OBJECTIVES: In order to maximize the therapeutic benefits of cognitive-behavioral therapy (CBT) for chronic pain, individuals need to be motivated to adopt a self-management approach. The Pain Stages of Change Questionnaire (PSOCQ) was developed to measure patients' readiness to adopt a self-management approach to chronic pain. The present study examined whether pretreatment and posttreatment PSOCQ change scores among chronic low back pain patients could predict 6- and 12-month follow-up outcomes, and the stability of posttreatment PSOCQ scores during follow-up.
METHODS: Participants were recruited from a VA primary care clinic. Data from 60 participants assigned to either regular CBT or a modified CBT (ie, PRIME CBT) condition were analyzed in the present study. Self-report measures including PSOCQ, pain severity, disability, and depressive symptom severity were administered at pretreatment, 10 weeks posttreatment, 6-month and follow-up assessments.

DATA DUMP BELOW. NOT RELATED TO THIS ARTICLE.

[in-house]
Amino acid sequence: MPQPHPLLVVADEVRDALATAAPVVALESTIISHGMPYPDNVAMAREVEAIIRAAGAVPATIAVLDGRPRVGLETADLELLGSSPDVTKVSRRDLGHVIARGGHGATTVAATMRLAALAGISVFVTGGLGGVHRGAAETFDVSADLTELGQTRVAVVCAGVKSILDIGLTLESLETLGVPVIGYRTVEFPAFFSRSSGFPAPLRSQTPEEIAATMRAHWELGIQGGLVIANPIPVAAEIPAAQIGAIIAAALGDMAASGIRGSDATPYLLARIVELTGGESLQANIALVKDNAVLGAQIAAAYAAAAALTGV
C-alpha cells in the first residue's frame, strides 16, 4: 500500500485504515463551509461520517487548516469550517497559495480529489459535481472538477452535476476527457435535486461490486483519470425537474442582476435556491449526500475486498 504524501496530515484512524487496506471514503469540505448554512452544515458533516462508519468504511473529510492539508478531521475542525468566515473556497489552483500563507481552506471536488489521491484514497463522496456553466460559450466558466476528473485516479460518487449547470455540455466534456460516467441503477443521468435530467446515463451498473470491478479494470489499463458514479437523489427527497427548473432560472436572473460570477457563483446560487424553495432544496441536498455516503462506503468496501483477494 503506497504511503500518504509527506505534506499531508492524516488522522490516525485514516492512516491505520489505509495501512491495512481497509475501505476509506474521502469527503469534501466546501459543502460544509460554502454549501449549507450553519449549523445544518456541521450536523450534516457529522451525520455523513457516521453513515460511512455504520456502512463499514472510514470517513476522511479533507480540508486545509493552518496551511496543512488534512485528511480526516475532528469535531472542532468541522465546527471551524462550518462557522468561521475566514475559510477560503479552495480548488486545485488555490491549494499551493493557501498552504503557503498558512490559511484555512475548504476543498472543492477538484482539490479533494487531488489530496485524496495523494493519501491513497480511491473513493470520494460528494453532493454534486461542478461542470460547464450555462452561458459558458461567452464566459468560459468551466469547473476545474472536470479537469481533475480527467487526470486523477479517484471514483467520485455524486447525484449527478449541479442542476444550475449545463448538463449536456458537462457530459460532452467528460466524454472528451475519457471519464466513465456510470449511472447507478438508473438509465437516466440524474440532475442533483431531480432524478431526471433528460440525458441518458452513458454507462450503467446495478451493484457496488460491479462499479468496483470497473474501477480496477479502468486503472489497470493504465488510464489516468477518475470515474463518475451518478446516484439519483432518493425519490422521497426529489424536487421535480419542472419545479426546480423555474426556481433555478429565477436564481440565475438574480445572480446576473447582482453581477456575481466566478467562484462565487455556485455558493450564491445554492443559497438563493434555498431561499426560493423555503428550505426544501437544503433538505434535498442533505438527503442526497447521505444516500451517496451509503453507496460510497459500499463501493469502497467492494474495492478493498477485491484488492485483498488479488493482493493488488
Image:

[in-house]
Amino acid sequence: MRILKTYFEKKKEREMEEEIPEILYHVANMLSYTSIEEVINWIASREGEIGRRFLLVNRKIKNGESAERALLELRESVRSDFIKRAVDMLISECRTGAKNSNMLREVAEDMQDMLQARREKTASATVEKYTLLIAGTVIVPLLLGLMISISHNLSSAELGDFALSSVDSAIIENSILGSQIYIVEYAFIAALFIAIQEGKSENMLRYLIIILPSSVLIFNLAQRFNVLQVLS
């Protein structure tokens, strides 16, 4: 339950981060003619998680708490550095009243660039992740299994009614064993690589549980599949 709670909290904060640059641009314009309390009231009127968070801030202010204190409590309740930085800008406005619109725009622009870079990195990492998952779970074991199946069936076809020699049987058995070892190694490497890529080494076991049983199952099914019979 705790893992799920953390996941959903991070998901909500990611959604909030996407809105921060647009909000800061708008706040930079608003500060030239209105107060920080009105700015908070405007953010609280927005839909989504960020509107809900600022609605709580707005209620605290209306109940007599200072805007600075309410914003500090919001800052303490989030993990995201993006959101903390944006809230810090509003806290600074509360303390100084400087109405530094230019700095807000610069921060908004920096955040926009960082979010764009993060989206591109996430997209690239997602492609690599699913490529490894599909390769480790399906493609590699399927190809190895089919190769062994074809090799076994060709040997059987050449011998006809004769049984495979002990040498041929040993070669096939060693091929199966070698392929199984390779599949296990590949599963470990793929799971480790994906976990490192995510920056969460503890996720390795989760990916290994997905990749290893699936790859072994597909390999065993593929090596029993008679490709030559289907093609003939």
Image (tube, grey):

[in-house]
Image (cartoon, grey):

RESULTS: Multiple regression analyses showed that pretreatment and posttreatment changes in the Action/Maintenance scores significantly predicted pain severity at 6 months, and changes in the Precontemplation scores significantly predicted disability at 6 months. None of the PSOCQ change scores significantly predicted depressive symptom severity. Posttreatment Precontemplation and Action/Maintenance scores were quite stable, even at 12-month follow-up.
CONCLUSIONS: Changes in patients' attitudes toward adopting a pain self-management approach may serve as one of the therapeutic mechanisms and predict long-term function. This study also revealed that changed attitudes toward chronic pain self-management remain quite stable over time. Adoption of beliefs consistent with chronic pain self-management during treatment may promote sustained benefits.
The objectives of the study are interesting but could not been answered with confidence enough due to the small sample size.